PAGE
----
Taoiseach Micheál Martin has appealed for people to continue to “warmly” welcome Ukrainian refugees in their communities.
Mr Martin said there should be consultation with communities about accommodation but that the country is dealing with a “very significant” migration issue.
His comments come after residents in East Wall in Dublin held a protest on Saturday over housing for refugees in the area.
“There should be consultation,” Mr Martin said. “But that said we have a very significant issue in terms of migration, not just in Ireland but across Europe.
“First of all, we have an unprecedented number of people having to flee Ukraine because of the brutal war that Putin is raging. And Putin wants these type of issues to arise in societies.
“He is weaponising migration, Russia are bombing infrastructure … to, in many ways, provoke more people to leave Ukraine.”
“And that’s clearly the agenda over the winter period, as well as the weaponisation of food and the weaponisation of energy, which has led to the energy prices increases and the energy crisis more generally. So as a society I would appeal that we hold this together.”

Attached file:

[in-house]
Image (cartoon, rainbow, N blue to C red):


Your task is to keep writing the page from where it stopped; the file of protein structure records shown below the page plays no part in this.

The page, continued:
Mr Martin told reporters at a housing construction site in Shankill, Co Dublin that many communities the “length and breadth” of the country are “doing exceptional work in welcoming Ukrainian families”.
“And I’ve witnessed this myself, travelling around the country (I) met Ukrainian communities, who have been very well and warmly received and that’s the spirit that I would urge people to continue with, notwithstanding the very significant challenges more generally,” the Taoiseach added.
Earlier on Monday Mr Martin attended the first National Community and Voluntary Civic Forum at the Aviva Stadium in Dublin.
Some 130 delegates attended the conference exploring how to strengthen public participating in policymaking.
Speaking at the event the Taoiseach said the community and voluntary sector are at times the first voice to identify emerging challenges “speaking loudly for those who cannot, while at other times working silently, almost unseen”.
“Our collective response to major challenges such as the Covid pandemic and the current war in Ukraine would have been so much poorer were it not for the invaluable role played by a wide range of community and voluntary organisations working locally and nationally,” Mr Martin added.
Minister for Rural and Community Development Heather Humphreys said the department is about putting communities first and giving people the opportunities to be part of policy decisions that affect them.
“It’s about encouraging that participation – in whatever form it takes,” she said.